I’d love to hear your thoughts on what home means to you!

Quarantine Thoughts

“See?” said Crowley. “It’s just like I’ve always said. They’re cunning buggers, humans. You can’t trust them an inch.”

— Good Omens: The Nice and Accurate Prophecies of Agnes Nutter, Witch
by Terry Pratchett and Neil Gaiman
My lab bench from when I was in graduate school.

I have been thinking a lot about each of our roles in this pandemic. Many of us are home, working from home, or worrying about not being able to work. Some businesses were able to pivot gracefully and efficiently, still able to cater to their clients and provide excellent service. My gym has been amazing setting up virtual classes on zoom. I used to only workout twice a week, but have been able to do the workout every day. One positive of a pandemic is the growth of my biceps. They are running a free 21 trial class, in case you also want to grow your biceps from your house anywhere in the US. (This is not sponsored and I’d love to see your sweaty face on zoom at 11:30am ET).

But what about other businesses? Many have faltered and may not come back. This worries me in terms of the skyrocketing unemployment. I think about what I can do to help. I love how The Conscious Kid is running a rent relief fund, no questions asked. Is that something we could do in the long term with this blog? Could we provide support to those who are doing great work through Patreon? Would we be able to fund 1, 2, 10 artists, activists, and wonderful people?

And then, I get angry because I think about those profiting directly off this crisis. With the ability to be super connected, and with so many at home on their computers, and increased social media consuption, it has become easy to disseminate large amounts of dissinformation. Fake information that is meant to cause confusion and distrust of science. (As an aside, this is a great explainer on how the scientific process works — you should check it out if you’re unsure how we figure things out about the world from data we collect.)

What we share online matters, even in whatever small bubble you live in.

Carolina, PurpleGlasses.com

What we share online matters, even in whatever small bubble you live in. I say this while thinking about the two recent conspiracy theory videos that surfaced. I will not link to them because I don’t want to increase any of their traffic (even with only a couple people reading this). But also, because their content has been debunked by many, many, many, many, many, scientists (this list of references is below with descriptions). I was surprised and dissapointed with how many people in my small network shared this. Especially the ones who insisted we should “have an open mind” while watching. #facepalm. To be clear, an open mind is useful when looking at facts and data, but a conspiracy video that only has misinformation is not a time to have an open mind, it is a time to report it as false news and close that window.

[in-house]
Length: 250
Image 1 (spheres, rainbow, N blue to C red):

We are not only responsible for what we consume online, but what we share as well. It is easy to fall into believing some of these theories. But they all stem from the same vein: by decreasing our trust of data and scientists analyzing this data, which they use to learn and come up with valuable discoveries, we are ultimately losing this information and what is has brought to society. An obvious example is how the anti-vaccine movement has led to oubreaks of vaccine-preventable diseases. Please #vaccinateyourkids and #factsnofear.

Also, the more we are distrustful of actual scientists, the more likely it is that conspiracy theorists can profit off your distrust. They don’t even need that many people to buy what they are selling, but they do need many people to share. To continue the anti-vaccine example above, they need many people to choose not to vaccinate, or share about not vaccinating. A small subset of those people will look for “alternative” medicines and give money to this movement. This is what fuels such movements and makes it so harmful. People who really need treaments that are shown to work are refusing them. Over time, this community distrust engenders more distrust and increases the base of people buying the “alternatives”.